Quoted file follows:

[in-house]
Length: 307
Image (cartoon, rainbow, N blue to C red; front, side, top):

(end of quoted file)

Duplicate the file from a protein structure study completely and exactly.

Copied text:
[in-house]
Length: 307
Image (cartoon, rainbow, N blue to C red; front, side, top):